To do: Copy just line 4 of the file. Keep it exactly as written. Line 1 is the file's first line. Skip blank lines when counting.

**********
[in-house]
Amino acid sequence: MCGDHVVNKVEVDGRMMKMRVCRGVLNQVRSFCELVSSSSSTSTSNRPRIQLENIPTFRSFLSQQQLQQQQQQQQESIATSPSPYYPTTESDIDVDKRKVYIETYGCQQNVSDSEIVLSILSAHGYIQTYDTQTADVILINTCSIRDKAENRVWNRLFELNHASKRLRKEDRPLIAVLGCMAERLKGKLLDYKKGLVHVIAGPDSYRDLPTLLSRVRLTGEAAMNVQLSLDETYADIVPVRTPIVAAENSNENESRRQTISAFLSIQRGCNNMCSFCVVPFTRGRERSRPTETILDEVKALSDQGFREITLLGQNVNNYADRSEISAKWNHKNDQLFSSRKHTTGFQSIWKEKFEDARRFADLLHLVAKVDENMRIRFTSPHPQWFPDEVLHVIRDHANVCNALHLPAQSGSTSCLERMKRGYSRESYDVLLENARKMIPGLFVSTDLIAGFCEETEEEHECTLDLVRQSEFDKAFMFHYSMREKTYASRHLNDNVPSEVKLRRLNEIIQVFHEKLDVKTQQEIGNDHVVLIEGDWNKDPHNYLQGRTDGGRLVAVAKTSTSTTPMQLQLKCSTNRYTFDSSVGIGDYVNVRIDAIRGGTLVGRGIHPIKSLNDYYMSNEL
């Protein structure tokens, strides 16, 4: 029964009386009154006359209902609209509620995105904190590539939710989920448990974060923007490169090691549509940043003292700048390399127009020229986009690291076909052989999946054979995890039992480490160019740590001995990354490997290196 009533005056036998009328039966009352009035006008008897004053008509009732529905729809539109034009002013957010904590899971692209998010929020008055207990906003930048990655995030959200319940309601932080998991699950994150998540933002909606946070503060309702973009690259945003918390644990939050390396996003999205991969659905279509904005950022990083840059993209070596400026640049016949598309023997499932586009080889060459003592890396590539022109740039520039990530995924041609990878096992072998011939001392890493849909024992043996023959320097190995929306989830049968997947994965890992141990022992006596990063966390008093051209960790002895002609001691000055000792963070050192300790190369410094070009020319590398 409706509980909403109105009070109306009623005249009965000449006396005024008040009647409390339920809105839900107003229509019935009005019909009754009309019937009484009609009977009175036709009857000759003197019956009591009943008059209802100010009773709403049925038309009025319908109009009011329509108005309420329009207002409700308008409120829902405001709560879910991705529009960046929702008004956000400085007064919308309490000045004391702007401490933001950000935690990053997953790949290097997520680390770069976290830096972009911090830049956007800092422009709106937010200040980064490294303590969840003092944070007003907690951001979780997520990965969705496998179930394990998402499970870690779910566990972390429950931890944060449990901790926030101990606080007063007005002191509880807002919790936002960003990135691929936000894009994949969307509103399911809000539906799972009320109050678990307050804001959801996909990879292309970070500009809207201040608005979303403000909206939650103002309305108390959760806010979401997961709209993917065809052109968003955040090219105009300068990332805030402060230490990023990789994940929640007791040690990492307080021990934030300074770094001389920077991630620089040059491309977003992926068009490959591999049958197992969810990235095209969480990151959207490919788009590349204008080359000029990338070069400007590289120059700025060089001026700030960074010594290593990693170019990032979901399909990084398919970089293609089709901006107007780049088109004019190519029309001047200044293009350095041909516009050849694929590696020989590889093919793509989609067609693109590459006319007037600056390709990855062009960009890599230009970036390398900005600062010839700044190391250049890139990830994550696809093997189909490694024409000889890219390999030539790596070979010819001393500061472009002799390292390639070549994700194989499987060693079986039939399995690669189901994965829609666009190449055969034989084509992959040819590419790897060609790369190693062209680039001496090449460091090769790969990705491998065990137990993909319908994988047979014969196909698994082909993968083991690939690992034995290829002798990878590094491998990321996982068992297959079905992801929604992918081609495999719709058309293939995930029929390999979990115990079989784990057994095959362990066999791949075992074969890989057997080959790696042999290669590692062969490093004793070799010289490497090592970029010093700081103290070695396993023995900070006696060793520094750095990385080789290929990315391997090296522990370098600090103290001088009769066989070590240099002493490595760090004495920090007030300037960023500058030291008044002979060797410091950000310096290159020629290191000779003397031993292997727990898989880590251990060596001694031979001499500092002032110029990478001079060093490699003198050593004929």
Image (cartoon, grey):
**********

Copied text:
Image (cartoon, grey):